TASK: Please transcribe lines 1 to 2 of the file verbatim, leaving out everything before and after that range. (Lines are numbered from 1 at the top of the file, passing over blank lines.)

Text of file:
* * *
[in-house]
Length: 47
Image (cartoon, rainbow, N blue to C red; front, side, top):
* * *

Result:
[in-house]
Length: 47